Therefore, when a biblical proverb causes friction with my life, I must remember that it is supposed to. Also, I should remember that when I see the wisdom in a biblical proverb, I must attribute that to God’s grace. On my own, I would never see God’s wisdom as wisdom. On my own, I would be a fool.

Read Biblical Proverbs Reverently, not Pragmatically
prag·mat·ic**
/praɡˈmadik/
adjective

  1. dealing with things sensibly and realistically in a way that is based on practical rather than theoretical considerations.

We cannot understand or apply proverbs fully outside a genuine fear of the Lord.”* This point cannot be stated enough. If I read Proverbs with the belief that my best life will be found in simply, pragmatically doing better in work ethic, family, friendship, marriage, and the lot, I HAVE MISREAD PROVERBS ENTIRELY.

The fear of the Lord is the beginning of knowledge; fools despise wisdom and instruction. – Proverbs 1:7

Therefore, we must read Proverbs’ call to godly work, family rearing, friendship, marriage, and more with the conviction that, “…Christ is my life.”* If I am no longer my own, so my response to God’s call in Proverbs must be of reverence (biblical fear) before the Lord. My response of obedience is to be an act of worship to Christ. My number one goal is not to simply do better for a nicer life.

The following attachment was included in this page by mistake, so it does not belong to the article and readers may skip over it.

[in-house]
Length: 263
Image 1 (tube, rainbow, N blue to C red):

So, let’s read, pray, consider, and apply Proverbs in this light this summer. It is the only Christian response.

*Quotes from the sermon preached by Pastor Mike on May 22, 2022.
**Definition from Oxford Languages.

The Blessing of Biblical Friction

The Blessing of Biblical Friction

What I Learned Last Sunday

You have heard that it was said, ‘An eye for an eye and a tooth for a tooth.’ But I say to you, Do not resist the one who is evil. But if anyone slaps you on the right cheek, turn to him the other also. And if anyone would sue you and take your tunic, let him have your cloak as well. And if anyone forces you to go one mile, go with him two miles. Give to the one who begs from you, and do not refuse the one who would borrow from you.